In Quebec, monomaniacal students are taking to the streets in opposition to the exorbitant debt they will have accumulated upon graduation. During a segment on Sun News on May 26th — in what could have been easily mistaken for deadpan humour — one of the protest’s apologists disapprovingly put a laughably low number on this debt.
Some commentators hold these anti-tuitionists in derision, admonishing the laziness and the sense of entitlement that spurs the movement. Be that as it may, other people, myself included, deem the desires of these students to be utterly pernicious.
Who primarily benefits from a tuition rate reduction? It is, without a doubt, only the students who attend university around the time of the cut — that’s all folks! The common misconception among the proponents of arbitrarily low tuitions is that there will be one direct consequence, namely softened debt loads. There is also a second indirect, insidious repercussion that may be even more momentous than the former.
Increasing the extent to which post-secondary institutions are subsidized makes education of this kind more accessible to the public, enticing some who never considered enrolling to enroll after all. The lower tuition fees triggers an influx of new students, reifying a situation wherein the supply of undergrads seeking employment exceeds the demand.
In response to this, rather than settling for undergraduate degrees, people will begin to pursue graduate degrees in their respective fields to ensure their credentials surpass that of their competitors’. Soon after, a graduate degree will become a necessity instead of an asset, which will unprecedentedly increase the amount of time and funds that people must expend to acquire the skills necessary to earn a living. Some would argue that this process has already materialized.
Credential inflation is far from myth; it is a manifest reality. It is true that the constituents comprising a continually modernizing economy must also continually modernize their qualifications. This calls for reeducating oneself, for enhancing one’s credentials. This, however, is an unavoidable natural process. Conversely, such inflation produced by intervention can and should be prevented, for the subsidization of education unnecessarily misallocates resources. When perusing the evidence, it is difficult to refute this sentiment.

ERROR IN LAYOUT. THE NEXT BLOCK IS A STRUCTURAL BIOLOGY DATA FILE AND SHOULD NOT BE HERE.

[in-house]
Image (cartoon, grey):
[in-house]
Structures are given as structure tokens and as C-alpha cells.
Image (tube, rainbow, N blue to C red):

In 2007, Canada, the United States, and Sweden were home to 209, 289, and 734 Ph.D. graduates per 100,000 people, aged 25 to 29 respectively. This discrepancy can be ascribed to Sweden’s socialistic style of governance — where a formal education is as much a right as that to life. As we can see, the Swedish government’s munificent financing artificially incentivizes more people to spend more time in school to obtain a finer degree than is otherwise necessary.
The evidence also reaffirms the fact that such policies knock markets into disequilibrium. Unemployment amongst Ph.D. graduates is a prevalent issue in Sweden, more so than it is in Canada and the United States. In 2004, Swedish residents who held a postgraduate degree had a 4.3 percent chance of being unemployed, while American residents who held one in 2008 had a 1.7 percent chance of being unemployed. Indeed, I have the utmost sympathy for the Swedish biologists who enduringly earned a Ph.D., for they had nearly a 13 percent chance of being without work during the cited year, which is exceptionally higher than the Swedish average.
To lower the price of a degree is to effectively lower its real value, to make post-secondary education less attractive. Even the supposed beneficiaries of a rate reduction will yield poorer returns on their educational investment than those before them. Of course, as time elapses, people will begin to alter their decision-making in accordance with the existential circumstances; the problem is the transitional phase in which people will be unable to identify the potential negative impacts of their choices.
Not unexpectedly, education truly does save people from the oppressive blade of poverty that slashes so viciously at the morale of its subjects. That being said, the student protestors fail to discern the difference between education and institutionalized education. But they have clearly expressed that they can discern the difference between unjustifiably selfish, pernicious policy and policy that is not — unfortunately, they champion the former. Perhaps, rather than crying their eyes out for other people’s money, they should consider giving some of it back.
The views expressed in this opinion piece are the author's own and do not necessarily represent those of The Prince Arthur Herald.
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